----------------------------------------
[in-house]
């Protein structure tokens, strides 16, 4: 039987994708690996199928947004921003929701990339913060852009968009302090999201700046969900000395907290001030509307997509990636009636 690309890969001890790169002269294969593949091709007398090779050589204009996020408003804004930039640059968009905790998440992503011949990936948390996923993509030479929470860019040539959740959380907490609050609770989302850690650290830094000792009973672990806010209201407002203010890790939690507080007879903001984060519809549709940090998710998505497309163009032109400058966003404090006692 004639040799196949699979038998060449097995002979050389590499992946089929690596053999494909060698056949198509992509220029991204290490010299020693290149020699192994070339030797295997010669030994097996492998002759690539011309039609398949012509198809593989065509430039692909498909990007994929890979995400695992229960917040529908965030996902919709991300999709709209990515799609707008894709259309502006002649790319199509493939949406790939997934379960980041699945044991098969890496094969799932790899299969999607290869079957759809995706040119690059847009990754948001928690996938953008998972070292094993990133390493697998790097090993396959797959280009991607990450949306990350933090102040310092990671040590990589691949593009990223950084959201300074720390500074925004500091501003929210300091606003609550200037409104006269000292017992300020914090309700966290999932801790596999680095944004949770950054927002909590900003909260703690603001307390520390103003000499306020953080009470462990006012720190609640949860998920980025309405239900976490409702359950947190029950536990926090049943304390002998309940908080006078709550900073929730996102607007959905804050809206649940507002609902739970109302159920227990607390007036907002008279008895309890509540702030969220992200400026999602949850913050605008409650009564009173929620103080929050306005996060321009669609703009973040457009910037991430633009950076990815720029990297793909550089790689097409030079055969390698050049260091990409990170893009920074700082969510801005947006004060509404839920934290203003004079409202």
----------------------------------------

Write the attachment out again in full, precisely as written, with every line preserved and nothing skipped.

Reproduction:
[in-house]
């Protein structure tokens, strides 16, 4: 039987994708690996199928947004921003929701990339913060852009968009302090999201700046969900000395907290001030509307997509990636009636 690309890969001890790169002269294969593949091709007398090779050589204009996020408003804004930039640059968009905790998440992503011949990936948390996923993509030479929470860019040539959740959380907490609050609770989302850690650290830094000792009973672990806010209201407002203010890790939690507080007879903001984060519809549709940090998710998505497309163009032109400058966003404090006692 004639040799196949699979038998060449097995002979050389590499992946089929690596053999494909060698056949198509992509220029991204290490010299020693290149020699192994070339030797295997010669030994097996492998002759690539011309039609398949012509198809593989065509430039692909498909990007994929890979995400695992229960917040529908965030996902919709991300999709709209990515799609707008894709259309502006002649790319199509493939949406790939997934379960980041699945044991098969890496094969799932790899299969999607290869079957759809995706040119690059847009990754948001928690996938953008998972070292094993990133390493697998790097090993396959797959280009991607990450949306990350933090102040310092990671040590990589691949593009990223950084959201300074720390500074925004500091501003929210300091606003609550200037409104006269000292017992300020914090309700966290999932801790596999680095944004949770950054927002909590900003909260703690603001307390520390103003000499306020953080009470462990006012720190609640949860998920980025309405239900976490409702359950947190029950536990926090049943304390002998309940908080006078709550900073929730996102607007959905804050809206649940507002609902739970109302159920227990607390007036907002008279008895309890509540702030969220992200400026999602949850913050605008409650009564009173929620103080929050306005996060321009669609703009973040457009910037991430633009950076990815720029990297793909550089790689097409030079055969390698050049260091990409990170893009920074700082969510801005947006004060509404839920934290203003004079409202």